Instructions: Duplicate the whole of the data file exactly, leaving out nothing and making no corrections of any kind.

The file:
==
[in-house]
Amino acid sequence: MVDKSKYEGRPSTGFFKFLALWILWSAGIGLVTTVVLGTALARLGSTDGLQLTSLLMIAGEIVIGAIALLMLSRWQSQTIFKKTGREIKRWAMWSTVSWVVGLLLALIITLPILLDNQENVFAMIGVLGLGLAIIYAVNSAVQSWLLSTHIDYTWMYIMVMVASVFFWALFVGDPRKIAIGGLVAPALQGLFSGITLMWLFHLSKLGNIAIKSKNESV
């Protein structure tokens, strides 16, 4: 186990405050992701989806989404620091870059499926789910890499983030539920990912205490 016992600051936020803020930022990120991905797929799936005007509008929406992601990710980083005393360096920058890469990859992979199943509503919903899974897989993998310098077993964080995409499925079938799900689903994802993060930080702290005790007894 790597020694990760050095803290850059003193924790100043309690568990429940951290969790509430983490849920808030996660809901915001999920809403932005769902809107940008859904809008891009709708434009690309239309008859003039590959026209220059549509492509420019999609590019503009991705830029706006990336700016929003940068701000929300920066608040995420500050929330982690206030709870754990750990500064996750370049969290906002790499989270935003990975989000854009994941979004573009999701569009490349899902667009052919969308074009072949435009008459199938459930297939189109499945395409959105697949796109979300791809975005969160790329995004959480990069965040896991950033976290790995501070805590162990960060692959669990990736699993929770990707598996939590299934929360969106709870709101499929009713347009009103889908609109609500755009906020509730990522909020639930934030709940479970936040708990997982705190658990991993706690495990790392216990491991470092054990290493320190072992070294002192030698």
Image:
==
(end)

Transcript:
[in-house]
Amino acid sequence: MVDKSKYEGRPSTGFFKFLALWILWSAGIGLVTTVVLGTALARLGSTDGLQLTSLLMIAGEIVIGAIALLMLSRWQSQTIFKKTGREIKRWAMWSTVSWVVGLLLALIITLPILLDNQENVFAMIGVLGLGLAIIYAVNSAVQSWLLSTHIDYTWMYIMVMVASVFFWALFVGDPRKIAIGGLVAPALQGLFSGITLMWLFHLSKLGNIAIKSKNESV
């Protein structure tokens, strides 16, 4: 186990405050992701989806989404620091870059499926789910890499983030539920990912205490 016992600051936020803020930022990120991905797929799936005007509008929406992601990710980083005393360096920058890469990859992979199943509503919903899974897989993998310098077993964080995409499925079938799900689903994802993060930080702290005790007894 790597020694990760050095803290850059003193924790100043309690568990429940951290969790509430983490849920808030996660809901915001999920809403932005769902809107940008859904809008891009709708434009690309239309008859003039590959026209220059549509492509420019999609590019503009991705830029706006990336700016929003940068701000929300920066608040995420500050929330982690206030709870754990750990500064996750370049969290906002790499989270935003990975989000854009994941979004573009999701569009490349899902667009052919969308074009072949435009008459199938459930297939189109499945395409959105697949796109979300791809975005969160790329995004959480990069965040896991950033976290790995501070805590162990960060692959669990990736699993929770990707598996939590299934929360969106709870709101499929009713347009009103889908609109609500755009906020509730990522909020639930934030709940479970936040708990997982705190658990991993706690495990790392216990491991470092054990290493320190072992070294002192030698």
Image: